Jerry Harder

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New with the species...love the character of the chi-chi. Mine has a large scar on the back from a heavy chop. I see no results from die back on the tree. Was trained and grew by another though.

The bark on these are amazing!
View attachment 155905


In is growing out stage. Wire on a few gently to encourage the branches to train into the flame style it is known for.
View attachment 155906
Looks good. Perhaps the scar could get carved into an interesting feature.
 

Cadillactaste

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Looks good. Perhaps the scar could get carved into an interesting feature.
It really is the back...doesn't bother me in the least. Its rolling over slowly to heal. But again the back...had it been the front I might adress it. But...it doesn't bother me in the least.

That chop scar helped develop my tree into the character the front offers.
 

sorce

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Welcome to Crazy!

Sorce
 

Cadillactaste

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Was just a thought.
Hey your gerbil was spinning. Appreciate the thought. But see no need with it being the back. I am curious to see how long it takea to close up. Which it is doing...I see many years...but I've got the time...maybe. lol again,it doesn't bother me.
 

gallina1594

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I am Crazy interested in Ginkgos and currently have 18 different varieties. There doesn't seem to be a section for them under the "TREE" section so I though I would try and start one here. Please help me figure this forum system out if I am doing this all wrong.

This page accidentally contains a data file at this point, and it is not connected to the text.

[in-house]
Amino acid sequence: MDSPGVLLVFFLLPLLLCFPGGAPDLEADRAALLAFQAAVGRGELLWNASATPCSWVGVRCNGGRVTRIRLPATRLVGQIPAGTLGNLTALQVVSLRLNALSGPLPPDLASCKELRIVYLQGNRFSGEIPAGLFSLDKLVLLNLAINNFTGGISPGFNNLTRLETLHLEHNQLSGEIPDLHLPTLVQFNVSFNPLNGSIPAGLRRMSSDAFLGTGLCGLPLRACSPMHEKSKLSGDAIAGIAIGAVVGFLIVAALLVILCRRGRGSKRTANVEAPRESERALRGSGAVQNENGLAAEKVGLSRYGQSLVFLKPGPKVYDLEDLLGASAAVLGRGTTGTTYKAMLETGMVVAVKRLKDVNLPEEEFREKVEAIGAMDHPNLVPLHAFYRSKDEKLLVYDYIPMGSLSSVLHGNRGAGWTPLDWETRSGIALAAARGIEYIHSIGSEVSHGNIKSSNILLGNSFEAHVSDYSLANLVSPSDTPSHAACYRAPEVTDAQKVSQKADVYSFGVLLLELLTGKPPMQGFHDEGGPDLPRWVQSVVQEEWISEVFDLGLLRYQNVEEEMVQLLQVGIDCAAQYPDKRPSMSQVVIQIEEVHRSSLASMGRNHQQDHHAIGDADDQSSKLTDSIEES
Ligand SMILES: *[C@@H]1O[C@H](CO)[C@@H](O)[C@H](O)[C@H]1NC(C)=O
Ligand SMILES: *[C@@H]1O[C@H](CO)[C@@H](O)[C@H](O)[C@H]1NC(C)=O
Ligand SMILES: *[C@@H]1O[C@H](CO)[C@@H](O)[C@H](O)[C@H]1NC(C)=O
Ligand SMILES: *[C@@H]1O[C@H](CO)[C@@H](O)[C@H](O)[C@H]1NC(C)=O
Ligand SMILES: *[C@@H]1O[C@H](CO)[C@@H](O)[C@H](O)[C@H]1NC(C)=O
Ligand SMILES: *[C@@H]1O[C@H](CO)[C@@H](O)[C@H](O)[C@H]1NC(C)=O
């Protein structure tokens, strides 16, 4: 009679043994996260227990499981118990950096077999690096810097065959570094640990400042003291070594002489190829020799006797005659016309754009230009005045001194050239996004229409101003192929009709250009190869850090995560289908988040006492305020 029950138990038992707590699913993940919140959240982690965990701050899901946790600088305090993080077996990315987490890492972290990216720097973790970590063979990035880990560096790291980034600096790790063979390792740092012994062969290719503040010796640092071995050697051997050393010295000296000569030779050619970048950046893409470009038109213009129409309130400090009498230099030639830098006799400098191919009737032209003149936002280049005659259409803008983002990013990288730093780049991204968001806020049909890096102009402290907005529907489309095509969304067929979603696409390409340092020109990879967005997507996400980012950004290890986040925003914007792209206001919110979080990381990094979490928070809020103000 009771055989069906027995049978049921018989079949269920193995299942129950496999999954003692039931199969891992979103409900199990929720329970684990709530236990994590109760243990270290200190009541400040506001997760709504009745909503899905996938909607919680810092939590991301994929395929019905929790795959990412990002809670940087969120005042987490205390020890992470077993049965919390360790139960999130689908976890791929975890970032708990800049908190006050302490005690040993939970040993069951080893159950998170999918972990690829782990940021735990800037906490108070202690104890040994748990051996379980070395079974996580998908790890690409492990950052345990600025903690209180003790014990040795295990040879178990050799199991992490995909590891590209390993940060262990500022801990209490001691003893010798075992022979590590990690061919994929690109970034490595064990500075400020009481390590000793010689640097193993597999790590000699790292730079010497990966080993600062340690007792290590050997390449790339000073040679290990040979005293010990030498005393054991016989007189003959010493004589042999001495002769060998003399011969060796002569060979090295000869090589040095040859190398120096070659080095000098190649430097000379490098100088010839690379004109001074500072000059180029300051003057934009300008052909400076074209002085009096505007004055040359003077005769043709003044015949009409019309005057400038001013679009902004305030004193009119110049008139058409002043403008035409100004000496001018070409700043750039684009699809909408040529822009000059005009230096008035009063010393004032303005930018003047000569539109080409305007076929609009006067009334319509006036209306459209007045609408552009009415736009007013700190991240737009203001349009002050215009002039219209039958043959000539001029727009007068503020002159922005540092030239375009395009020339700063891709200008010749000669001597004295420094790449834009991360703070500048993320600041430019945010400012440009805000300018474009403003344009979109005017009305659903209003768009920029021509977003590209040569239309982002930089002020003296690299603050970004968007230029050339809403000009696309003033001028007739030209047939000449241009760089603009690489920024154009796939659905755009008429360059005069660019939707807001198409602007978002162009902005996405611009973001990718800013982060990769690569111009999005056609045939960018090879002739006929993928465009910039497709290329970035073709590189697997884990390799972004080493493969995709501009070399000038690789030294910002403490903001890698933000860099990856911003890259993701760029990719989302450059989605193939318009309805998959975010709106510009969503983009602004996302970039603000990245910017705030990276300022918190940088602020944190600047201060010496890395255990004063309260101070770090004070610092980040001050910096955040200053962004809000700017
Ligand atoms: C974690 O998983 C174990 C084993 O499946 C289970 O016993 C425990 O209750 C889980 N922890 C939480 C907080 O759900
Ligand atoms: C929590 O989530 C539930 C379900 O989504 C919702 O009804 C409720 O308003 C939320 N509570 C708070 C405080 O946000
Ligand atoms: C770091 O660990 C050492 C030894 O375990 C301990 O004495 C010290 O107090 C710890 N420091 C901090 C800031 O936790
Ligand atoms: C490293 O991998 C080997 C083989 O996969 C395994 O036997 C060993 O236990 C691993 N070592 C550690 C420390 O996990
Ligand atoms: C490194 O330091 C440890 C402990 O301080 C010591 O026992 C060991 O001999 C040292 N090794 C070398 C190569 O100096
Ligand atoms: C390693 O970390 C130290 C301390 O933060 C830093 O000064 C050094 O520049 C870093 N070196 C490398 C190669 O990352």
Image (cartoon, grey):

Ginkgos Do not heal over scar tissue, or wire marks well. I believe I have most of that figured out as well as restraining a long shoot from growing further without the typical grow and chop back which looks really ugly. I am trying to find a way to trigger a specific short shoot into growing as a long shoot. Anyone know anything?
Fun fact: Ginkos are the only living species in the division Ginkgophyta, all others have gone extinct
 

defra

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I got a small one too
I like the leaves and fall collor
But mine is far from anything its basicly a stick in a pot so got to let it grow for a couple of years
 

Jerry Harder

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I got a small one too
I like the leaves and fall collor
But mine is far from anything its basicly a stick in a pot so got to let it grow for a couple of years
If you plan ahead and know how big you want it to be let it get about that tall, then start cutting the tip of the leading bud (-I use a toenail clippers) -just the last 1/32 in or so. (I'm planning on my ginkgo bonsai being in that transition area between the 2-4 hand bonsai so for me that's around 25-30 in.) The bud will open it's leaves like a short shoot and then develop a new bud. This forces the energy elsewhere in the tree for most of the season. The new bud will likely grow a long shoot so keep an eye on it and clip again if necessary. It will look much less choppy. Also why waist energy in a developing tree growing long shoots where you don't want them and chopping them off? I don't know of a way to make a specific bud on ginkgo turn to a long shoot though. You have to hope the one you want takes off. My current trees are still first year sticks too, so I don't remove any buds. If the wrong ones take off then I remove it in spring to try to root it as a cutting. Smallest wound with most possible benafit.
 

Jerry Harder

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I am Crazy interested in Ginkgos and currently have 18 different varieties. There doesn't seem to be a section for them under the "TREE" section so I though I would try and start one here. Please help me figure this forum system out if I am doing this all wrong.

Ginkgos Do not heal over scar tissue, or wire marks well. I believe I have most of that figured out as well as restraining a long shoot from growing further without the typical grow and chop back which looks really ugly. I am trying to find a way to trigger a specific short shoot into growing as a long shoot. Anyone know anything?